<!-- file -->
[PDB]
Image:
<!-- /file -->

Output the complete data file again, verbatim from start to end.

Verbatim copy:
[PDB]
Image: